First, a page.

Congratulations! You’ve got that promotion you were after, and you’ve just inherited your new team. But, a few days in, you realise that they’re not performing as well as you’d like. It’s a common dilemma – you want to be able to produce results fast to show the rest of the company that you’re the right person for the job. However, you also don’t want to be too heavy handed with people who barely know you.
So, how do you improve performance in your newly inherited team?
1) Acknowledge the problem and set expectations
Your team might suspect that things aren’t going as well as they should be, but they may not realise the extent of the problem unless you acknowledge it first. So it’s important you take the time to explain the situation and why there needs to be a change. After all, Gallup reports that managers who regularly communicate with their employees find their teams are three times more engaged than those who don’t communicate.
Once you’ve acknowledged the problem, set clear expectations for where you want the team to be at given points on a timeline. Don’t limit these goals by the team’s current performance, but instead by what they need to do to make a positive contribution to the company.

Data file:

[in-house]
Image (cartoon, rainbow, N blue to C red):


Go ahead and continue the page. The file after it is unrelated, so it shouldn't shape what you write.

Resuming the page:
Then, sit down with each team member and discuss what has to be done to achieve this common goal. Have one-on-ones with both high and low performers. Find out what’s making the high performers succeed and what’s stopping the under-performers. Again, acknowledging that they’re not achieving is essential. Some may even realise that the job’s not for them and look elsewhere, while others will hopefully be galvanized by the challenge and step up to the plate.
2) Use data
No doubt the team you inherit will have KPIs and other targets they need to meet. Accessing this data and finding areas where people aren’t doing so well will help you to pinpoint what they can do to improve. Showing your team the data will also help them to understand why a change is needed.
3) Don’t judge anyone too quickly
Don’t assume that underperforming team members aren’t capable or motivated. When you inherit a team there could be any number of reasons why they’re not achieving, and it’s your duty as a new manager to find these reasons out. Using data and taking the time to get to know each individual is essential to this.
That said, if someone really isn’t cut out for the job, it’s important you make those hard decisions. You want to see success as a new manager, and the employee in question will probably find they are happier elsewhere.
Have you successfully managed a variety of teams? Are you ready to step up to the C-suite? Contact the executive recruitment specialists at JacksonStone to find out about new opportunities in businesses across New Zealand.